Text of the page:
Open house meetings next week to review Cottonwood Pass concept designs

Vehicles take turns navigating the narrows section of Cottonwood Pass at Blue Hill on the Eagle County side during the Interstate 70 closure in summer 2021 due to flooding in Glenwood Canyon.
John Stroud/Post Independent file

Two public meetings are slated next week, one in Glenwood Springs and another in Gypsum, to introduce conceptual plans for improving Cottonwood Pass as an alternative east-west route for local passenger-vehicle traffic during Interstate 70 closures through Glenwood Canyon.

The first open-house format meeting is set to take place from 5:30-7:30 p.m. Tuesday at the Glenwood Springs Community Center.

The second meeting is set for 5-7 p.m. Wednesday at the Gypsum Town Hall Council Chamber, 50 Lundgren Blvd.

The Colorado Department of Transportation and local officials expect to have additional public-input meetings as pending decisions are made, a news release states.

CDOT is working with Garfield and Eagle counties to design safety improvements to the series of county roads that access Cottonwood Pass southeast of Glenwood Springs. 

“CDOT is reviewing safety improvement options for 14 identified locations, six in Eagle County and eight in Garfield County,” the release states. “These locations were selected by the counties based on known safety issues.”

“Cottonwood Pass is a vital connection for local residents who rely on the county road to safely travel between Gypsum and Colorado Highway 82 in the Roaring Fork Valley,” the release notes. “It is often used as an undesignated alternate route when Glenwood Canyon is closed, which has escalated the urgency of addressing safety issues in a timely fashion.”

Project planners are developing what’s called a “context sensitive design” for the route that invites the local entities, affected property owners and others to be a part of the process, planners have said in meetings with county officials.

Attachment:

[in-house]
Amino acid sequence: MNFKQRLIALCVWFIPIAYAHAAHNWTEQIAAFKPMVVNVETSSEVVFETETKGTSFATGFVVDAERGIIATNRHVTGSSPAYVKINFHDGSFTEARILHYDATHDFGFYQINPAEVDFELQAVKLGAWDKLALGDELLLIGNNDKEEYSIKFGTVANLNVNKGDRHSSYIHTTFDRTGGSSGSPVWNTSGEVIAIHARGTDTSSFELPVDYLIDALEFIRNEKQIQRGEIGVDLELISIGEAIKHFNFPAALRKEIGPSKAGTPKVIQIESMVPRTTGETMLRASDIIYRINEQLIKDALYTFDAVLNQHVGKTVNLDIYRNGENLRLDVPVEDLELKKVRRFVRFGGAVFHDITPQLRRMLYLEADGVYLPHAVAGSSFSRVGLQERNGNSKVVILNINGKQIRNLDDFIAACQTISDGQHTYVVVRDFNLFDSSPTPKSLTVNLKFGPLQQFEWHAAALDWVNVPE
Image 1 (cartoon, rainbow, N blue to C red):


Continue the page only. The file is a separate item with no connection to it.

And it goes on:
The public input process is also aimed at getting an accurate cost estimate for the project, the release states.

“CDOT is extremely sensitive to the needs of our partner agencies managing these roads,” Region 3 Transportation Director Jason Smith said. “We want to ensure the safety improvements are a good fit for these communities and the locations they care deeply about.”

Information, graphics and drawings will be displayed at each meeting, and project staff will be on hand to answer questions, the release states.

Those unable to attend the meeting in person can visit the project web page at Comments can be submitted via an online comment form. 

The design process is not expected to be completed until early 2023. It will be up to Garfield and Eagle county commissioners to determine next steps for implementing the proposed improvements, the release states.

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